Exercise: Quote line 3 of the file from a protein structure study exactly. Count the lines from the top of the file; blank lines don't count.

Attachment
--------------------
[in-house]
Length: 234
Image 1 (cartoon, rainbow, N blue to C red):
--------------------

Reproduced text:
Image 1 (cartoon, rainbow, N blue to C red):